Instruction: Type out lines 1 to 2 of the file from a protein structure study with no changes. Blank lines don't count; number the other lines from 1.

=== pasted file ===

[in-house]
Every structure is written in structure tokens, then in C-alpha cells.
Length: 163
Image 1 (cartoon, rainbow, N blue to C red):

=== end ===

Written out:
[in-house]
Every structure is written in structure tokens, then in C-alpha cells.